Nature is in a bad state. England is small, land is in short supply and there are no simple answers to meeting competing demands. But by getting farmers, politicians, campaigners, gardeners and dog walkers working together, we can make a difference. That is the message from Tony Juniper, a long-time environmentalist activist and, since 2019, chair of Natural England.
“This is not a happy story,” said Juniper, 61, from his home office in Cambridge when we spoke via Zoom. “The losses are right across the spectrum, from insect populations crashing to the loss of farmland birds and the degradation of our rivers. But we can do better if we put our minds to it.” The reintroduction of beavers to English waterways and the return of the white-tailed eagle are two “good news” stories.
For Juniper, however, the “really exciting” news is the government plan for a national nature recovery network. He believes the proposal can, through “a range of partnerships”, create space for food production, infrastructure and recreation, and lead to “net gains” for nature in urban and rural areas.
At a time when growing numbers of people are demanding climate action, the decision by a campaigner to head a government advisory body may seem a surprising choice. (Juniper began his career as an ornithologist with Birdlife International before moving to Friends of the Earth and most recently heading up WWF UK’s advocacy work.) But he suggests otherwise.
“The energy and confrontation that comes with activism has at some point to meet the cold reality of policy,” Juniper said. “Activists have been very successful, especially Extinction Rebellion, in putting the climate change question much more firmly on the political map.” But when activists’ demands start being turned into policies, things get complicated, he added.
“Activism can be quite straightforward: we all want climate action. But what does that mean in practice? In terms of budgets for insulation, for renewable energy; how do we square that off against consumer bills? Or what’s the fit between nature recovery and carbon capture?
“The frustration in the activism community is that simple messages, when they get into the space of being delivered, inevitably become nuanced. That is life and that is what we have to deal with. There is a wide spectrum of views. The activist one is vital and very influential, but it is not the only view.”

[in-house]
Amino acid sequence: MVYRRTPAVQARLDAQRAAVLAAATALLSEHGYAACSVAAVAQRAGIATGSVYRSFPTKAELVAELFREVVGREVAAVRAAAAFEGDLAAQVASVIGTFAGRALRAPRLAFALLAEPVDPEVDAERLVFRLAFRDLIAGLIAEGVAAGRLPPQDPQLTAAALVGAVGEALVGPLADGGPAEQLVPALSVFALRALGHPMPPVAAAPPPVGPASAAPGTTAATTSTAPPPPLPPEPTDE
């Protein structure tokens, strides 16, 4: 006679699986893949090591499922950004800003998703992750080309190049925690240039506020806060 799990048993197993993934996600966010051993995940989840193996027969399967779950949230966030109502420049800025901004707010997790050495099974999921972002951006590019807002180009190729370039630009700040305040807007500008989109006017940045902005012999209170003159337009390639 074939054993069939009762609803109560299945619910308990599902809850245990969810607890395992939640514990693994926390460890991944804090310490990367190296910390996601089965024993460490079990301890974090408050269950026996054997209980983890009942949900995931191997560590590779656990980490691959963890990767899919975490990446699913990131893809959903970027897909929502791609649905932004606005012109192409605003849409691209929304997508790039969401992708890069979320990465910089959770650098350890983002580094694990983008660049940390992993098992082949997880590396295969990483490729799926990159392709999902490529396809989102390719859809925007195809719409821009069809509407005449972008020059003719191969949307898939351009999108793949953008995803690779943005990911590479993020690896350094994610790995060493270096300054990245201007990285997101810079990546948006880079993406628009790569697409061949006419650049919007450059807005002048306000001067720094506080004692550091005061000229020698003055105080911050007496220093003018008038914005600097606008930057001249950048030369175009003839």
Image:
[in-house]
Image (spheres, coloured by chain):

We need to stop thinking in terms of binary choices: food production or farm birds, housing or meadows, wind turbines or nice views, insisted Juniper. “We need to move to a discussion with facts and nuance.”
The potential to increase natural habitats without impacting food production is a case in point, he said. He cited the UK’s National Food Strategy, which found that the least productive 20 per cent of the least productive farmland over to nature would have only a 3 per cent impact on food production. “We waste one-third of our food in this country; if we reduce waste by 10 per cent that takes up the 3 per cent.”
In Juniper’s view, we have no choice but to change our approach. “This country is one of most nature-depleted on Earth,” he said. “We need to get policy right to encourage wildlife recovery and food production and healthy farm businesses that people can make a living from. That is the real question, not whether it is one or the other.”
And stopping the decline in nature is not enough. “We need to hang on to what we’ve got and add a lot of what’s missing,” said Juniper. Government proposals are the right tools to “turn around” the situation, but policies and standards alone are insufficient. “There is a cultural dimension; the extent to which people are replacing natural grass with plastic grass is not a hopeful trend.”
Juniper recently authored a foreword for a paper by Policy Exchange on urban green spaces, which calls for a “blitz behavioural campaign”. Natural England doesn’t have a mandate to advise the country’s gardeners, but Juniper is increasingly asked whether it should. The one million hectares of garden in England are equivalent to the land protected as sites of special scientific interest.
“During lockdown people fell in love with their gardens,” said Juniper. In addition to their health benefits and beauty, we should be proud of our gardens as places for wildlife to explore, he added. “I am particularly excited about the opportunities we might have in a whole street. The benefits of everyone doing the same thing, or doing different things; one person with a big native tree, another with a meadow, another with a substantial pond all connected along a street.”
Urban green spaces more generally are important for wildlife, helping towns and cities cope with climate change by reducing flooding and lowering temperatures during heatwaves, and for public well-being. “This could be woodlands, wetlands or scrubby areas that are rich in songbirds and insects. It could be a mixture with places for people to picnic and walk their dogs. We can accumulate many benefits through good design,” said Juniper. “But at the moment, things very often separate and perceived to be in conflict.”
In a country the size of England with a population of 55 million people, accommodating demands is “quite tricky” and compromises will upset many. But Juniper’s background probably means he has a better chance than most at encouraging a more integrated vision of nature.